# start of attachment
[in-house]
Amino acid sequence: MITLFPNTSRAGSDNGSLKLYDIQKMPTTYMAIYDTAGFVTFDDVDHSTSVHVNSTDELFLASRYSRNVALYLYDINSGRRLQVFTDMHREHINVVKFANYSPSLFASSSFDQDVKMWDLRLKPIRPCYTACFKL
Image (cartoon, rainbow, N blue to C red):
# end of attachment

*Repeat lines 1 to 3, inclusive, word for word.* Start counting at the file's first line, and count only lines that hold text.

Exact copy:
[in-house]
Amino acid sequence: MITLFPNTSRAGSDNGSLKLYDIQKMPTTYMAIYDTAGFVTFDDVDHSTSVHVNSTDELFLASRYSRNVALYLYDINSGRRLQVFTDMHREHINVVKFANYSPSLFASSSFDQDVKMWDLRLKPIRPCYTACFKL
Image (cartoon, rainbow, N blue to C red):